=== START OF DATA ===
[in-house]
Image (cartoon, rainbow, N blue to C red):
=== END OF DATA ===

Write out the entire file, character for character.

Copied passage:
[in-house]
Image (cartoon, rainbow, N blue to C red):